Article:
US SENDS FORCES TO WAGE SECRET WAR IN HORN OF AFRICA
By Andrew Buncombe and Rupert Cornwell
[The Independent, UK, 19 September 2002 - Wasshington]:
America is preparing to take on suspected al-Qa'ida members
believed to be hiding in Yemen – possibly sending special
forces troops on covert operations to capture them.
As Yemen emerged as the latest focus of
America's "war against terror", it was revealed
yesterday that 800 US troops and an unknown
number of special forces personnel had been
dispatched to Djibouti, the tiny African nation
that faces Yemen across the Gulf of Aden. The
assault ship Belleau Wood is also in the area
and could be used as a platform for troops.
Officials at US Central Command (CentCom)
said the deployments were intended to
position people and equipment for any
operations in the Horn of Africa, though they
declined to say whether an operation was
It was reported at the weekend that the Bush
administration had been increasing its support
for anti-terror operations in Yemen, which was
the third country – after Georgia and the
Philippines – to which the Pentagon sent
special forces training teamsthis year.
Those efforts are likely to be led by the CIA, which has its own paramilitary
units. The Pentagon has also dispatched a team to assist the Yemeni authorities.
The importance of Yemen – home of Osama bin Laden's father – as a
longstanding base for suspected al-Qa'ida members was underlined last week by
the arrest of six Yemeni men accused of belonging to one of the network's cells
based in Buffalo, in upstate New York.
The suspects have been charged with providing support or resources to foreign
American officials said yesterday that two other alleged members of the cell,
including the ringleader, were still at large, most likely in Yemen. The two men,
referred to in affidavits as "uncharged co-conspirators", are believed to be Jaber
Elbaneh and Kamal Derwish, the alleged ringleader.
Washington has been paying much closer attention to Yemen since 17 American
sailors were killed in 2000 when al-Qa'ida bombed the USS Cole as it refuelled in
the port of Aden.
The senior, self-confessed al-Qa'ida member captured last week in Pakistan,
Ramzi bin al-Shibh, is also from Yemen, as were about a dozen other suspected
al-Qa'ida members seized with him.
Yemeni officials said US troops would not be permitted to launch military
operations in the country. One government official said: "Yemen's position is
clear: Yemeni forces are the ones responsible for conducting any operations – be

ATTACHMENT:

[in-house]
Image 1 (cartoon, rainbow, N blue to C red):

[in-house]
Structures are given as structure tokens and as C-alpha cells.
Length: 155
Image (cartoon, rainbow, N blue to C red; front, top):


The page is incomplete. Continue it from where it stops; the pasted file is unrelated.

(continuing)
they searches or attacks." He claimed that co-operation with the United States
was limited to training and the exchange of intelligence.
But it was reported yesterday that US special forces could launch covert strikes
from Djibouti. The reports said that among those forces sent to the country were
members of the US Army's secretive Delta group, which specialises in
commando-style raids to kill or capture enemy personnel.
Yemen says it is holding 85 people arrested in a round-up of al-Qa'ida members.
But US officials say there is little visible evidence that real progress against
terrorists has been made in recent months.
In February the FBI handed over a list of al-Qa'ida suspects believed to be in
Yemen. US special forces trained Yemeni soldiers in counter-terrorism this
summer. Two weeks ago Mr Saleh deployed what officials said were the first of
2,000 troops to the northern provinces of Shabwa, Jawf and Marib, strongholds
of Islamic militants.
US special forces played a leading role in the war in Afghanistan and were sent to
Pakistan to help find al-Qa'ida fighters who fled over the border.
Such operations against terrorist groups overseas are likely to increase under an
expected Pentagon reorganisation that will transfer control of the "war against
terror" from regional commanders to the US Special Operations Command
(Socom) and the elite forces in its charge.
The shake-up was disclosed by The Washington Post yesterday and was not
denied by Donald Rumsfeld, the Defence Secretary.
The change would signal a more focused and co-ordinated offensive by US forces
abroad, which have been criticised for failing to capture or kill many leading
figures in al-Qa'ida. Most Americans regard terrorism as a more immediate threat
to security than the Iraqi President, Saddam Hussein.
Hitherto, Socom has trained and equipped special forces, such as the Navy Seals
and the Delta Force, which are transferred to regular military commanders for use
in specific operations. Under the plan, Socom will directly oversee these
* Pakistan said yesterday that police had arrested seven "most wanted
terrorists", including one suspected of masterminding a suicide bombing which
killed 11 French naval engineers in Karachi in May. The French nationals and
three Pakistanis were killed in a car-bomb attack outside the Sheraton hotel.